Da'am

“In the start, we were just a few young people doing this. Alfanar helped us make this an organisation.”

In 2004, Ahmed Kheir and his friend, Khalid Abdul Hamid, both in their 20s, were working as researchers in Cairo. They soon realised they couldn’t find many of the documents or details they needed.

Ahmed and Khalid decided to build their own database, archiving an extensive selection of newspapers and other publications in the region, in order to create a resource on issues of public interest for future researchers and the public. They called the project Da'am, which means ‘support’ in Arabic.

After two years, development of Da'am slowed down. Neither Ahmed nor Khalid had organisational management experience, and they had been unable to get any funding.

This changed when Ahmed went to a workshop and introduced himself to Alfanar’s Egypt Director at the time, Nada Mobarak. After a vigorous due diligence process, Alfanar started supporting Da'am with grant funding, while also mentoring the founders with administration and fundraising advice. “We were in constant contact,” Ahmed says.

Alfanar and Da'am's partnership continued until 2010, during which time Ahmed says Da'am grew “from an idea into a viable organisation with stability.”  Following Alfanar’s exit, Da'am has continued to grow. It is now a leading organisation in the field of open information in Egypt, employing 16 staff researchers with a budget that has since quadrupled. The organisation’s activities have also expanded to include the regular release of reports on the Egyptian government, encouraging greater governmental transparency. They also have begun to investigate corruption, and will focus in the coming years on strengthening the role of internet activists in Egypt.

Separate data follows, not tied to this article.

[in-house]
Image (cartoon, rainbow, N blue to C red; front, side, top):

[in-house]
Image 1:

Alfanar has supported the Information Technology Support Centre from its inception, believing in the ideas of a young organisation committed to free access to information on issues of public interest, sorted using a rights-based index. The organisation set up a web-based archive that facilitates access to information on issues of public interest, particularly focusing on human rights for the benefit of Egyptian civil society organisations. The centre collects, sorts, analyses, and makes available data on general issues through its website. Furthermore, it provides client-tailored research to cater to the information needs and requirements of a wider client base. This project is truly innovative in the Egyptian, and indeed the Arab, context and can empower millions.